Market cycles – another morbid view

An interesting perspective on market cycles was presented in with a chart on grief modeling. Using the stages of grief developed by Elisabeth Kubler-Ross in her book On Death and Dying, we may say that the credit cycle follows a similar form. One more investment analogy but is a variation of some of the behavior models where investors do not want to realize loses.

The credit boom in housing had to die and we have to accept it before the markets can move on. There is a growth cycle in any business. (Note that we have also presented the hangover analogy in our last blog.) The market was in denial that the lending game was up with mortgages. We have been through that initial stage with the housing market peaking over 2 years ago. Some home-owners may still be in a state of denial by keeping their home prices up in the resale market.

Investors have tried to bargain their way out of this problem but that has not proved to be a solution. There is the the view that there is some way to get out of the crisis without paying a penalty.

Many are in a state of depression. There are a host of managers who are asking the question of how did this happen to them.

We are testing the new regime and learning to accept it, so to some degree there are people who have figured out how to move on with their grief. Others are still in the middle of the process. The market will not be ready to move up until this grief process has concluded for the majority of investors.

Hangover theory and credit crisis or just a morality play

An interesting discussion on Brad Delong’s blog posted a comment on the hangover theory of financial crises by Paul Krugman. Worth a look. It makes a good comment on how many often to make a market bust a morality play. Bad things happen to bad people who try and get greedy in financial markets. We party hard during the boom and there is a price that will have to be paid by everyone. We already see this story unfolding in the media.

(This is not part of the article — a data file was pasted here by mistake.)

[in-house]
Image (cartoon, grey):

The consumption portion of the Krugman tale is a little more problematic. Investments creates wealth if the value of the investment goes up. These investments are valued or priced based on their use in the economy. If they are no longer productive, there will be a decline in value associated with this investment which will decrease the wealth of consumers. This wealth effect changes consumption in the bust portion of the cycle. It is not a swtich between consuming or investing.

From Krugman:

Call it the overinvestment theory of recessions, or "liquidationism," or just call it the "hangover theory." It is the idea that slumps are the price we pay for booms, that the suffering the economy experiences during a recession is a necessary punishment for the excesses of the previous expansion.